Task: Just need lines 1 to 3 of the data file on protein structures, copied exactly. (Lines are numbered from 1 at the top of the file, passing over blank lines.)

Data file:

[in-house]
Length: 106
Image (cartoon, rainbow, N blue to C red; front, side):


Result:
[in-house]
Length: 106
Image (cartoon, rainbow, N blue to C red; front, side):